One year, however, the poems of Father Feeney suddenly disappeared from our poetry books. Father Leonard Feeney became a nonperson. The nuns who had praised his genius the year before now never mentioned him. Not until later did we learn the good pastor had been excommunicated from the Church for preaching a strict construction of the doctrine extra ecclessiam nulla salus, outside the Church there is no salvation. Father Feeney taught that all non-Catholics were destined for hell; the orthodox position was that non-Catholics could attain salvation through a “baptism of desire.” (We assured Protestant playmates on this count.) Not even the famous Father Feeney could defy the orthodox church of Eugenio Pacelli, the serene autocrat who ruled the world of Roman Catholicism through the 1940s and ’50s as His Holiness Pope Pius XII.

Those parish schools were enclaves of Americanism as well as Catholicism. America was God’s country; there was no conflict then between nation and church. The United States, after all, had been consecrated to the Blessed Virgin Mary. Every noon, after lunch hour, the whole school assembled — each grade and class in its designated position and line — and following several minutes of prescribed prayers, turned on signal, faced the flag, and made, hand over heart, the Pledge of Allegiance to the United States. Then, we were marched back into school.

As early as 1884at the famous Third Plenary Council of Baltimore that mandated the parochial school system and created Catholic University, the U.S. bishops dealt head-on with nativist slander against the loyalty of American Catholics: “We believe that our country’s heroes were the instruments of the God of Nations in establishing this home of freedom;. .should it ever — which God forbid — be imperiled, our Catholic citizens will be found to stand forward as one man to pledge anew ‘their lives, their fortunes, and their sacred honor.’ ”

The patriotic fervor of the faithful was shared by the clergy. More than three thousand Catholic priests had served as chaplains during World War II, and of the 11,887 conscientious objectors, only 135 were Roman Catholic.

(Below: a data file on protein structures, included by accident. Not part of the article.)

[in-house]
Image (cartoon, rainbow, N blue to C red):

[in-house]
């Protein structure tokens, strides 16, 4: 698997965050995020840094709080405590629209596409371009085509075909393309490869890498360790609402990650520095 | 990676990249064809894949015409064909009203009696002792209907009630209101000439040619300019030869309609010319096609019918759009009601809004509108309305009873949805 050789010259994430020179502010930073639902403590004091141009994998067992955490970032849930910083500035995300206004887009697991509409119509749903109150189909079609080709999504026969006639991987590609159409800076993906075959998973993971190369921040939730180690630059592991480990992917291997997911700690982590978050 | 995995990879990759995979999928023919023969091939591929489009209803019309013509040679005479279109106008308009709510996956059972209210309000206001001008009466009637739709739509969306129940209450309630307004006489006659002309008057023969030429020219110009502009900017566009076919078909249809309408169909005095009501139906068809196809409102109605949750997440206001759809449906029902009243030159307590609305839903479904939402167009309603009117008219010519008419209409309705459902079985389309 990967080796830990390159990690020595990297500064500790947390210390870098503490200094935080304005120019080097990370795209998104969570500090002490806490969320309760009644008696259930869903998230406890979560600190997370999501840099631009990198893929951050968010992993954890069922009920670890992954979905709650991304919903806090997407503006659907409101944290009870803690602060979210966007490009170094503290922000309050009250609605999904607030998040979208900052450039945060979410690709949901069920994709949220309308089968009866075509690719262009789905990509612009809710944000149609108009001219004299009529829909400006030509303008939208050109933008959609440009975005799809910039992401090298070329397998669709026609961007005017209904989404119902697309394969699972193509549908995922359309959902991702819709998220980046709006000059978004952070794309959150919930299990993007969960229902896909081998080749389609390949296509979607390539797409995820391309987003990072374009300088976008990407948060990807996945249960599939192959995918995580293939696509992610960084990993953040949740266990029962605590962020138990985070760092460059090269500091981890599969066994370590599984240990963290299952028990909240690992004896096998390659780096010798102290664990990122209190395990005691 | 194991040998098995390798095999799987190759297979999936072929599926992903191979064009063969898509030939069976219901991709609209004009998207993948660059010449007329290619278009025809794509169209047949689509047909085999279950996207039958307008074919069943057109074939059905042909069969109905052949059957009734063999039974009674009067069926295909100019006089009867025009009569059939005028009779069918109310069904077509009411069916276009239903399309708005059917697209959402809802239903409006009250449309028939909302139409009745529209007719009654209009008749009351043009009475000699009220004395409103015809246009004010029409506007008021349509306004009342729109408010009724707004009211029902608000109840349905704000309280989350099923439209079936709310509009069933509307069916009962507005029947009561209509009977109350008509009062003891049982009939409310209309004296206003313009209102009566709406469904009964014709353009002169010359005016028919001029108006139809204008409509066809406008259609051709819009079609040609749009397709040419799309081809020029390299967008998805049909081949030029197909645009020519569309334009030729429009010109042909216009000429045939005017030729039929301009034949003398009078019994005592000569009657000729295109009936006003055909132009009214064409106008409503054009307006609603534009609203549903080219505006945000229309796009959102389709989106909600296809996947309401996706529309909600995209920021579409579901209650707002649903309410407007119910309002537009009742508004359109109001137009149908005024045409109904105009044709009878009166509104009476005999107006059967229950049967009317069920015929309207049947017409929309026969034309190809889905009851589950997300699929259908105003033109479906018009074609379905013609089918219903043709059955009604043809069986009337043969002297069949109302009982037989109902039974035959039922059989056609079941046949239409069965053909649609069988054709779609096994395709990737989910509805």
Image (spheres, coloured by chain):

While patriotic, Blessed Sacrament was apolitical. Even though we lived in the nation’s capital, I cannot recall a single “field trip” in eight years to visit the monuments or institutions of government. While we were all proud to be Americans, running the country was somebody else’s job. The only political manifestation I ever remember at Blessed Sacrament was the Wednesday in November of 1948 after Harry Truman upset Tom Dewey; the playground was alive with argument and enthusiasm. Some of the girls in my class, whose fathers worked for the government, were the most exultant and militant; they were as elated that Dewey and the Republicans had been humiliated as they were that the Democrats had won. Not in my wildest dreams had I imagined there were that many people who preferred Truman. (Neither had Dewey.)

Our indispensable textbook was the Baltimore Catechism. Containing hundreds of questions and answers — all of which had to be learned by rote — the catechism instructed us on the central tenets of the Faith contained in the Apostles Creed, on each of the Ten Commandments (what they required and what they forbade), and on the Seven Sacraments (their precise purpose, and the spiritual conditions required for their worthy reception). For a grounding in Catholicism, it was unsurpassed.

The Church of the 1940s also copied heavily from the secular society. If they had “The Whiz Kids” on radio, we had a weekend radio program, during which children from competing parishes were quizzed on the catechism. Chosen to represent Blessed Sacrament, a great honor, I was drilled until hundreds of answers were letter perfect.

“What does the Eighth Commandment forbid?”

“The Eighth Commandment forbids lies, rash judgment, detraction, calumny, and the telling of secrets we are bound to keep.” Correct.

“When does a person commit the sin of detraction?”

“A person commits the sin of detraction when, without a good reason, he makes known the hidden faults of another.”

To miss a phrase, or a single word, was like missing a letter in a spelling bee. You were out.